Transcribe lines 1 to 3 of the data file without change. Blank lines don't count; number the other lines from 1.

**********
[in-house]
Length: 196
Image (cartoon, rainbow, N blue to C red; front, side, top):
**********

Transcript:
[in-house]
Length: 196
Image (cartoon, rainbow, N blue to C red; front, side, top):